Chronic Gingivitis/Stomatitis (CGS)
Gingivitis/stomatitis in the cat is the cause of a lot of heartache for both the practitioner and the client. Often, cats present in severe pain, with ptyalism, dysphagia, and marked weight loss.
Histologically, it is characterised by an infiltration of plasma cells and lymphocytes, possibly in response to polyclonal B-cell activators in oral bacteria. Other cofactors, such as viruses and proteins, have also been incriminated. Immunologically, the disease is associated with raised levels of cytokines, especially interleukin 6 (mimics the situation seen in chronic periodontitis in man), as well as high levels of immunoglobulins in the blood. Pure-breed cats (Siamese, Persians) may have more severe disease than other cats.
Aetiology unknown, multifactorial disease?
Viral? – Chronic calicivirus infection, herpesvirus, coronavirus
May be due to chronic antigenic stimulation and an inability to moderate the host response: polyclonal B-cell activation
Can see hyper/hypo response of immune system to plaque bacteria, other antigens such as food additives (cinnaminase, benzoin), viruses
Cats with CGS seem to be "plaque intolerant," suggesting that periodontal disease plays a part in the disease
Organ-specific autoimmune disease
Bartonellosis (flea vector)
Similarities Between CGS and IBD
CGS shows similarities with inflammatory bowel disease in cats (IBD). In both diseases, it is suspected that there is a breakdown in mucosal tolerance to antigenic stimulation. This is a key feature in IBD. In IBD, the resident bacterial flora is implicated as essential in driving mucosal inflammation. Oral periodontal pathogens are suspected as a possible aetiologic factor in CGS. Modulation of the enteric microenvironment has been shown to reduce proinflammatory mucosal cytokines in Crohn's disease (a disease in man similar to IBD in animals). This may explain why tooth extraction with the subsequent reduction in bacterial reservoirs has some degree of success in CGS.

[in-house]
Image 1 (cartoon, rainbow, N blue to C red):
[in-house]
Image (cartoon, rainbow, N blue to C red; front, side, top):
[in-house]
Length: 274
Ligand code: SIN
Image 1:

Diagnosis of FCGS
A complete oral examination is normally performed under general anaesthesia due to the painful nature of the disease. A haematological workup including viral assays is necessary to rule out FIV, FeLV, and other possible causes.
Biopsies may be required especially where lesions are asymmetrical (need to rule out tumours and autoimmune diseases), and viral culture of lesions may be of benefit to rule out calicivirus infection. Bacterial culture and sensitivity testing may also be required if there is a poor response to empirically chosen antibiotics.
Typically, cats with CGS show a widespread and dramatic inflammation of the oral tissues - often spreading into the oropharynx and along the mucosa of the hard palate.
Management of CGS
No one treatment is successful. Owner education: Prepare the owner for a long battle.
Professional scaling/cleaning and meticulous homecare with extraction of teeth with poor prognosis should be your starting point.
Any root fragments need to be removed. Never leave fractured root tips behind in these cases. Intraoral dental radiographs are essential when evaluating for retained roots.
Often lack of permanent response to meticulous oral hygiene, professional scaling.
Doxycycline, amoxicillin/clavulanate, metronidazole, clindamycin, Stomorgyl